Malthus signaled the danger a century and a half ago. But he emphasized principally the danger that population would increase faster than food supplies. In his time he could not foresee the tremendous increase in man’s food production potential. Nor could he have foreseen the disturbing and destructive physical and mental consequences of the grotesque concentration of human beings into the poisoned and clangorous environment of pathologically hypertrophied megalopoles. Can human beings endure the strain? Abnormal stresses and strains tend to accentuate man’s animal instincts and provoke irrational and socially disruptive behavior among the less stable individuals in the maddening crowd.
We must recognize the fact that adequate food is only the first requisite for life. For a decent and humane life we must also provide an opportunity for good education, remunerative employment, comfortable housing, good clothing, and effective and compassionate medical care. Unless we can do this, man may degenerate sooner from environmental diseases than from hunger.
So far, the international, multilateral approach to a possibly gloomy future is to seek hope — it does, after all, spring eternal. We will reduce greenhouse gas emissions, tackle global poverty through economic growth, and increase food production. We will not need to tackle population growth, nor will we have to make do with less. We write about planetary health, but we do not develop strategies for a planet that is less human-friendly tomorrow than it is today.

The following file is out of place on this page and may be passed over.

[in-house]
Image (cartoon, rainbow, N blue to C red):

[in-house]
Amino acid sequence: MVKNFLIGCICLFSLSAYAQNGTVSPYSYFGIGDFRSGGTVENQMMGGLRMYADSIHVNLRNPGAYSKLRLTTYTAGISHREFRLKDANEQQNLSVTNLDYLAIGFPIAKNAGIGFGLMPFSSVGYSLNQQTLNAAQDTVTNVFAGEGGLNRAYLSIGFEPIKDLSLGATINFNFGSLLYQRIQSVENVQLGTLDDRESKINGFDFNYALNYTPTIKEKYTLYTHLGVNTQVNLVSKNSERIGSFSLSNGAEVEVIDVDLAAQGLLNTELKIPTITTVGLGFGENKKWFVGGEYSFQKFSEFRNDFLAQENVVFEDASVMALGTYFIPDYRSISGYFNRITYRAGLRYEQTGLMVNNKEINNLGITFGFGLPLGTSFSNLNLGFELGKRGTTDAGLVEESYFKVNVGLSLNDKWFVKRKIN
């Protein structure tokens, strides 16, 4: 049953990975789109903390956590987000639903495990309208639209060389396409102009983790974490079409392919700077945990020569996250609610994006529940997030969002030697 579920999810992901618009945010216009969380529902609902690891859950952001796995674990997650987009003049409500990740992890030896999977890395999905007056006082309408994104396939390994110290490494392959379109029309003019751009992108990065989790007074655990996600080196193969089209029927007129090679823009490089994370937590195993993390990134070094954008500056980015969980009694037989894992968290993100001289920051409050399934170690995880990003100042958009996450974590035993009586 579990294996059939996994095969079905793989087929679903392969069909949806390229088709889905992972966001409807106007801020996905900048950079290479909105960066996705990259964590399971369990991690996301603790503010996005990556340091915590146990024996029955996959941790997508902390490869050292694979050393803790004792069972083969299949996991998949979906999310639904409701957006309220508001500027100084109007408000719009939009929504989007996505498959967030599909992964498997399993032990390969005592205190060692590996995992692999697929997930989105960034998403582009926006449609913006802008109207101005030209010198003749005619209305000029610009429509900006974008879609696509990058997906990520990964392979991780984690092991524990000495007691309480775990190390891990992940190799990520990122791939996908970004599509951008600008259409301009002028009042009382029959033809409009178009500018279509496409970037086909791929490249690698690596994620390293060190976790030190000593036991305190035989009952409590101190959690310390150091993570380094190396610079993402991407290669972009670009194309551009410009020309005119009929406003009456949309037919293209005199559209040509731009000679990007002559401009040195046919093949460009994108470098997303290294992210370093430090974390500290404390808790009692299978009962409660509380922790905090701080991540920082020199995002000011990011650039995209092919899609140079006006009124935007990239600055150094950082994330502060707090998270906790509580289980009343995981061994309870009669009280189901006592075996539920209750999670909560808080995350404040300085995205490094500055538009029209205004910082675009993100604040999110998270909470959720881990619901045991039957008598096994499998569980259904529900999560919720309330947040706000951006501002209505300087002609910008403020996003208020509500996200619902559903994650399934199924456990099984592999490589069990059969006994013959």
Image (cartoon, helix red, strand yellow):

I hope that global health and well-being will improve well into the future, well past my life and I hope well past that of my children, (and their children, …). In case it does not, I would like to think that there is a Global Health Red Team that does not just echo gloomy news in the halls of power, but argues for and develops strategies suitable for the world in which we are all worse off. What should our goal be in that worse off world? Is it a global goal, an equitable goal of mutual pain, or is it a “My Country First”, Shakespearean tragedy of the commons?
There is an ironic twist to the use of Red Teams in the US military that may have some bearing on their use in Global Health. In the Millenium Challenge 2002 when the Red Team devastated the Blue Team in the first few days of a fortnight-long exercise, the judges reset the clock. They hamstrung the Red Team, and then let everything play out in a way that would ensure that normal (military) science came out unscathed.
Global Health needs to be intellectually braver.